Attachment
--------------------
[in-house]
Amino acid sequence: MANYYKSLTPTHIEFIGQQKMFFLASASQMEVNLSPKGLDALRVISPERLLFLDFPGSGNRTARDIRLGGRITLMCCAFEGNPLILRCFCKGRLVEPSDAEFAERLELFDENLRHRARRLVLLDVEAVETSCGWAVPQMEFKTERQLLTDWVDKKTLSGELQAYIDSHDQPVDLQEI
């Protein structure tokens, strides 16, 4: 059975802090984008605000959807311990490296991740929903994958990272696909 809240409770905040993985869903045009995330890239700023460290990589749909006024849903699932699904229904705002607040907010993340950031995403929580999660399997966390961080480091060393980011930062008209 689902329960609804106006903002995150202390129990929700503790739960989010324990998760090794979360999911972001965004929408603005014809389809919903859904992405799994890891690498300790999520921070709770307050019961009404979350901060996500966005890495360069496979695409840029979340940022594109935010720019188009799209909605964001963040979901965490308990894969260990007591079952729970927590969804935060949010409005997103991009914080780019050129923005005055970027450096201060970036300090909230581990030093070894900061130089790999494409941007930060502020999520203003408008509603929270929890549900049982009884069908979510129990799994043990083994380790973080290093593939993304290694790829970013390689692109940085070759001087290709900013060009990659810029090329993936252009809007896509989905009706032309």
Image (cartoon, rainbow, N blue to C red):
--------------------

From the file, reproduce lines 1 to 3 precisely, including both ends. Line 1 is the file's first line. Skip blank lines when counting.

[in-house]
Amino acid sequence: MANYYKSLTPTHIEFIGQQKMFFLASASQMEVNLSPKGLDALRVISPERLLFLDFPGSGNRTARDIRLGGRITLMCCAFEGNPLILRCFCKGRLVEPSDAEFAERLELFDENLRHRARRLVLLDVEAVETSCGWAVPQMEFKTERQLLTDWVDKKTLSGELQAYIDSHDQPVDLQEI
């Protein structure tokens, strides 16, 4: 059975802090984008605000959807311990490296991740929903994958990272696909 809240409770905040993985869903045009995330890239700023460290990589749909006024849903699932699904229904705002607040907010993340950031995403929580999660399997966390961080480091060393980011930062008209 689902329960609804106006903002995150202390129990929700503790739960989010324990998760090794979360999911972001965004929408603005014809389809919903859904992405799994890891690498300790999520921070709770307050019961009404979350901060996500966005890495360069496979695409840029979340940022594109935010720019188009799209909605964001963040979901965490308990894969260990007591079952729970927590969804935060949010409005997103991009914080780019050129923005005055970027450096201060970036300090909230581990030093070894900061130089790999494409941007930060502020999520203003408008509603929270929890549900049982009884069908979510129990799994043990083994380790973080290093593939993304290694790829970013390689692109940085070759001087290709900013060009990659810029090329993936252009809007896509989905009706032309």